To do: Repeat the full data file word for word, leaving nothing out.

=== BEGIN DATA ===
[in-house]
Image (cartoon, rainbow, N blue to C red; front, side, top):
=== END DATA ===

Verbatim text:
[in-house]
Image (cartoon, rainbow, N blue to C red; front, side, top):